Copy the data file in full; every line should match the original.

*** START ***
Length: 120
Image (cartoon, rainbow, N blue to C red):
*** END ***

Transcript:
Length: 120
Image (cartoon, rainbow, N blue to C red):